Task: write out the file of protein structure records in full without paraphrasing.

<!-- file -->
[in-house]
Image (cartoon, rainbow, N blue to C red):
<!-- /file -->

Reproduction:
[in-house]
Image (cartoon, rainbow, N blue to C red):